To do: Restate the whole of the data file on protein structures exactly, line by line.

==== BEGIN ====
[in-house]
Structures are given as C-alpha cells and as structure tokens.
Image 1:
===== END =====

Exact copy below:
[in-house]
Structures are given as C-alpha cells and as structure tokens.
Image 1: